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Further legislative acts of England

Article by Chelsey Trisa

In Parliament, Bishop John Fisher championed Catherine and the clergy; he had inserted into the first article, the phrase “as far as the word of God allows”. In Convocation, however, Archbishop Warham requested a discussion but was met by a stunned silence; then Warham said, “He who is silent seems to consent”, to which a clergyman responded, “Then we are all silent.” The Convocation granted consent to the King’s five articles and the payment on 8 March 1531. That same year Parliament passed the Pardon to Clergy Act 1531.

The breaking of the power of Rome proceeded little by little. In 1532, Cromwell brought before Parliament the Supplication Against the Ordinaries which listed nine grievances against the Church, including abuses of power and Convocation’s independent legislative power. Finally, on 10 May, the King demanded of Convocation that the Church should renounce all authority to make laws and, on 15 May, the Submission of the Clergy was subscribed, which recognised Royal Supremacy over the church so that it could no longer make canon law without royal licence, i.e. without the permission of the King; thus completely emasculating it as a law-making body. (This would subsequently be passed by the Parliament in 1534 and again in 1536.) The day after this More resigned as Chancellor, leaving Cromwell as Henry’s chief minister. (Cromwell never became Chancellor; his power came – and was lost – through his informal relations with Henry.)

Several Acts of Parliament then followed. The Act in Conditional Restraint of Annates, which proposed that the clergy should pay no more than 5% of their first year’s revenue (annates) to Rome proved at first controversial, and required Henry’s presence in the House of Lords three times and the browbeating of the Commons. The Act in Restraint of Appeals which was drafted by Cromwell, apart from outlawing appeals to Rome on ecclesiastical matters, declared that “this realm of England is an Empire, and so hath been accepted in the world, governed by one Supreme Head and King having the dignity and royal estate of the Imperial Crown of the same, unto whom a body politic compact of all sorts and degrees of people divided in terms and by names of Spirituality and Temporality, be bounden and owe to bear next to God a natural and humble obedience”, thus declaring England an independent country in every respect. English historian Geoffrey Elton has called this Act an “essential ingredient” of the “Tudor revolution” in that it expounded a theory of national sovereignty. The Act in Absolute Restraint of Annates outlawed all annates to Rome, and also ordered that if cathedrals refused the King’s nomination for bishop, they would be liable to punishment by praemunire. Finally in 1534 the Acts of Supremacy made Henry “supreme head in earth of the Church of England” and disregarded any “usage, custom, foreign laws, foreign authority [or] prescription”.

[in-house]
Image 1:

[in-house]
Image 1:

Meanwhile, having taken Anne to France on a pre-nuptial honeymoon, Henry was married to her in Westminster Abbey in January 1533. This was made easier by the death of Archbishop Warham, a stalwart opponent of an annulment, after which Henry appointed Thomas Cranmer as his successor as Archbishop of Canterbury; Cranmer was prepared to grant the annulment of the marriage to Catherine as Henry required. Anne gave birth to a daughter, Princess Elizabeth, three months after the marriage. The Pope responded to the marriage by excommunicating both Henry and Cranmer from the Roman Catholic Church (11 July 1533). Henry was to be excommunicated again in December 1538.

Consequently in the same year the Act of First Fruits and Tenths transferred the taxes on ecclesiastical income from the Pope to the Crown. The Act Concerning Peter’s Pence and Dispensations outlawed the annual payment by landowners of one penny to the Pope. This Act also reiterated that England had “no superior under God, but only your Grace” and that Henry’s “imperial crown” had been diminished by “the unreasonable and uncharitable usurpations and exactions” of the Pope.

In case any of this should be resisted Parliament passed the Treasons Act 1534 which made it high treason punishable by death to deny Royal Supremacy; the following year Thomas More and John Fisher were executed under this legislation. Finally in 1536 Parliament passed the Act against the Pope’s Authority which removed the last part of papal authority still legal. This was Rome’s power in England to decide disputes concerning Scripture.

About the Author

Chelsey Trisa’s: Palace Resorts, Singles Cruise,Korean Airline, AndItalian Villas.

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